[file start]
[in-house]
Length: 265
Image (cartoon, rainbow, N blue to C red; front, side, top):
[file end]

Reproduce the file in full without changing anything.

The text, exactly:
[in-house]
Length: 265
Image (cartoon, rainbow, N blue to C red; front, side, top):